Going Maddening Without Going Mad
Posted by KuroiTsubasaTenshi | September 01 2020
3H Meta Contest August 2020 Runner-Up
Shun the Combat Forecast.
That is, don't make it your only source of information. Know the math, check the enemies, and plan accordingly. I've noticed that people become too reliant on this feature and make too many assumptions. For instance, they won't check the stats of incoming enemies, deciding that their speedster will get a follow-up attack or that they'll find a way to do enough damage when the enemy arrives. This basically amounts to planning the equivalent of half a turn ahead at most. Maddening enemies are fast, bulky, and hit hard, which often demands some pretty precise math - especially in the early game. Just winging the battle half a turn in advance is a good way to get killed. Know your units and capabilities, know your enemies and plan how yours might kill each wave of theirs two or three turns in advance.
Taking that one step further, at the start of the map, check every unit. Identify the big problem enemies. If Dimitri has 10 AS and enough Atk to one-round your Byleth, then come up with a way to handle him before he's standing there, breathing down your neck. This may involve stealing someone else's gauntlets or getting into enough fights beforehand to acquire HP +5. If Hanneman could crit-gib Byleth and end the map right then and there, make sure you pick up HP +5 so that they can survive the triple damage from a freak crit. Alternatively, perhaps your healer with just Heal equipped can achieve the same effect.
Spam those combat arts. Spam it until your weapons break. Then buy more weapons and spam them some more. No, seriously. Standard Training and Iron weapons are very cheap and combat arts provide substantial boosts to Hit, Mt and much more.
And yet, I've noticed a recurring sticking point for people I watch is that they don't use them. Part of this plays into the aforementioned failure to plan ahead, but worry about using too much durability is often cited. Byleth is a walking convoy, so even if a weapon does get fully destroyed during the course of a battle, it's generally quite trivial to swap weapons. And since weapons are also cheap, there's little reason to risk that sub-100% attack.
Why risk missing that kill secure and eating heavy, or even fatal, damage on the counterattack? Even if the unit is a mage or bow user attacking a melee enemy, whiffing that attack could mean the team doesn't have enough damage to finish off all the enemies. Just say, "yes" to Curved Shot, Tempest Lance, and its buddies.
Battalions Aren't for Damage.
At the very least, don't make that your primary reason to use Gambits. Doing so against the sheer bulk of Maddening enemies will deplete charges at an alarming rate. Which isn't to say, "Don't use offensive Gambits." They're still very strong, but their biggest asset is the immobilization effect. Got six incoming enemies and can only kill four? Maybe you sacrifice the killing power of two units in order to lock down three enemies with Gambits so they can be dealt with next turn.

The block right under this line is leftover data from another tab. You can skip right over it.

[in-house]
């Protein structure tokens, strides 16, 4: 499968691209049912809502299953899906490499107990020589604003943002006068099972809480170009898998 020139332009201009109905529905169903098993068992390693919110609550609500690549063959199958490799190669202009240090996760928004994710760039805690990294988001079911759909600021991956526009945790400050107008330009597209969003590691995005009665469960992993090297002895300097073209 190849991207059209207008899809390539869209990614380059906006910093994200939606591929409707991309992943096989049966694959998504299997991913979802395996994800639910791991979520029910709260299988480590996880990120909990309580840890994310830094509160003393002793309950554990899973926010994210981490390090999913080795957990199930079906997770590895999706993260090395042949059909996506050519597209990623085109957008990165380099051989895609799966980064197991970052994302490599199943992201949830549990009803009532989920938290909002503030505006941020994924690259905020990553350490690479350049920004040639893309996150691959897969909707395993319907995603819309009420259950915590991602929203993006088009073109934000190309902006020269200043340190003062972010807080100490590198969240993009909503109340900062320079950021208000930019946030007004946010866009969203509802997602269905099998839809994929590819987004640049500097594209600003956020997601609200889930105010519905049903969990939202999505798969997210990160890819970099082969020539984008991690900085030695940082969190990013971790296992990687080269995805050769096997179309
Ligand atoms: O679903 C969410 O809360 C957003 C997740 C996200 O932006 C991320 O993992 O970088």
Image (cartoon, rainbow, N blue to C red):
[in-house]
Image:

And this is before getting into the non-offensive Gambits. Enemy entrenched? Stride on in and obliterate them first. Enemy entrenched and covered? Have your cavalry Stride in, take a pot shot, then retreat to safety. Don't have cavalry? Face-pull them with Impregnable Wall. Need to duel it out with 80-Atk, 50-Crit bosses with Counterattack? Blessing's got you covered. Sick of siege tomes? Retribution and Sacred Shield say, "Hi." Want extra turns for four units? Blessing of the Goddess!
Our Arrows Will Blot Out the Sothis.
Did I ever mention that Maddening enemies are bulky and hit hard? Well, they are, and facing them head on can be a daunting task. Fortunately for the player, Three Houses has a massive vault full of cheese just waiting to be tapped. And it all starts with one, innocuous little weapon: the bow.
The most basic issue that this solves is not specific to Maddening, though it is greatly exacerbated by the higher enemy bulk. The default equipment for the vast majority of physical attackers is melee oriented. Nine or ten units running around with just 4 Move and melee gear is bound to get cramped. In previous FEs, this is where Javelins and Hand Axes might come into play, but the very low Mt and very high Wt make those things about as useful as a green Remire villager. Fortunately, bows are basically lances with 2 Range, making them a great sidearm.